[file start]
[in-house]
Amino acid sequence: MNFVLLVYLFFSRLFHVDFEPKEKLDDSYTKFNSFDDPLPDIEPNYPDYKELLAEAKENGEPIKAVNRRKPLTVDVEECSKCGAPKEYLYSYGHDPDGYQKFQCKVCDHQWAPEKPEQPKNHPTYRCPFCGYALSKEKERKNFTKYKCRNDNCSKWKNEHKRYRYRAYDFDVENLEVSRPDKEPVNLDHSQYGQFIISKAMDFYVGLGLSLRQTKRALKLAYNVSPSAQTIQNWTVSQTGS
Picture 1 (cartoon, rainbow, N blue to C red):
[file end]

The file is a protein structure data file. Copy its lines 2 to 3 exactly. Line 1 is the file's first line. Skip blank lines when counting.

Amino acid sequence: MNFVLLVYLFFSRLFHVDFEPKEKLDDSYTKFNSFDDPLPDIEPNYPDYKELLAEAKENGEPIKAVNRRKPLTVDVEECSKCGAPKEYLYSYGHDPDGYQKFQCKVCDHQWAPEKPEQPKNHPTYRCPFCGYALSKEKERKNFTKYKCRNDNCSKWKNEHKRYRYRAYDFDVENLEVSRPDKEPVNLDHSQYGQFIISKAMDFYVGLGLSLRQTKRALKLAYNVSPSAQTIQNWTVSQTGS
Picture 1 (cartoon, rainbow, N blue to C red):